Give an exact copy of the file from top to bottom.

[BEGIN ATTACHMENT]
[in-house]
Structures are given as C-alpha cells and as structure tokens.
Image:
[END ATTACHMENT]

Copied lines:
[in-house]
Structures are given as C-alpha cells and as structure tokens.
Image: